A New Year's Revolution: Becoming OneSelf
Ultimately we see that the exterior could never be the cause of the interior, for the greater cannot arise from the lesser (vertically speaking, of course, in the sense that consciousness is prior to matter, not in the vulgar horizontal sense of deepak animals and other beasts).
Human psychospiritual development requires the interiorization of boundaries of various kinds between self and other, ego and environment, affect and thought, man and God, etc., without which the maturational process can never get off the ground (interesting that one of yesterday's trolls argued that the absence of boundaries represents some sort of "mysticism." If this were true, then babies and rocks would be mystics).
Hans Jonas discusses this in chapter one of his The Phenomenon of Life, Life, Death, and the Body in the Theory of Being:
"When man first began to interpret the nature of things -- and this he did when he began to be man -- life to him was everywhere, and Being the same as being alive.... Soul flooded the whole of existence and encountered itself in all things. Bare matter, that is, truly inanimate, 'dead' matter, was yet to be discovered -- as indeed, its concept, so familiar to us, is anything but obvious."
Thus, "that the world is alive is really the most natural view, and largely supported by prima-facie evidence. On the terrestrial scene, in which experience is reared and contained, life abounds and occupies the whole foreground exposed to man's immediate view. The proportion of manifestly lifeless matter encountered in this primordial field is small, since most of what we now know to be inanimate is so intimately intertwined with the dynamics of life that it seems to share its nature."
Now, growth takes place in the direction of exterior --> interior --> exterior. In a very real sense, we first encounter ourselves outside of ourselves in the form of heroes, myths, ideals, attractions, and other modes. We activate an ideal by first locating it outside. It is very much as if the soul is attracted to what it needs in order to awaken and know itself, so it is quite important to pay attention to these sometimes subtle promptings and soul-inclinations, for to ignore them is to risk wasting one's life.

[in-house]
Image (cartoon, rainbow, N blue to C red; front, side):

Joseph Chilton Pearce has discussed this in at least a couple of his books. He agrees that we are born with a unique psychic blueprint, which may be thought of as an in-built expectation for certain kinds of experience. The blueprint is like the lock, while the experiences, or external models, are the keys that unlock it and provide its content.
In fact, Jung speaks of the archetypes -- e.g., the Great Mother, the anima, the "wise old man," the crone, etc. -- in the same way. Bion called them "preconceptions," or "empty categories" awaiting and anticipating certain experiences that will automatically make sense on a deep level when we have them. Your "soul mate" is not just a person, but a whole world -- a world that we paradoxically co-create in discovering.
Of particular interest is the archetype of the Self, which is our own unique constellation of factors -- as unique as your face. And if a central purpose of life is to realize one's archetype, or one's spiritual destiny, then the ultimate value of a culture or nation or political movement will be the degree to which it either impedes or makes this realization possible (see page 180): "We must each of us, in our own way, strive for the cultural circumstances that make intellectual, emotional, and spiritual growth possible, because most cultural circumstances actively suppress our growth as human beings."
As such, any purely materialistic political philosophy will be a non-starter. I never say that "Republicanism" is any kind of ideal. Far from it. It's just that the left is so incredibly dangerous and destructive to human ends, that it must be opposed, just as the Islamofascists must be.
In the case of the latter, their great evil is in denying man his reason for being: the systematic smothering of our spiritual individuation. To force women to live in bags -- i.e., to deprive them of their faces -- is a terrifying metaphor of what they do to the soul, which is to say, bury it in darkness. Likewise, radical feminism asphixiates the beautiful archetypal feminine form in an airless black bag of faceless ideology.